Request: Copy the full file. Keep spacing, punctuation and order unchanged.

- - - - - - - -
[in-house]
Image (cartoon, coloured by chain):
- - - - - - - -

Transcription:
[in-house]
Image (cartoon, coloured by chain):